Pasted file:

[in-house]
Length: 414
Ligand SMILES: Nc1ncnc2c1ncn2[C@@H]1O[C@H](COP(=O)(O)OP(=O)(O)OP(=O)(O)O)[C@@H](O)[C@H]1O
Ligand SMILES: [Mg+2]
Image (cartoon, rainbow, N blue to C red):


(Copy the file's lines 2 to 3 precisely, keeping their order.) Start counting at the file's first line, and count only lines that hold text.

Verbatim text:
Length: 414
Ligand SMILES: Nc1ncnc2c1ncn2[C@@H]1O[C@H](COP(=O)(O)OP(=O)(O)OP(=O)(O)O)[C@@H](O)[C@H]1O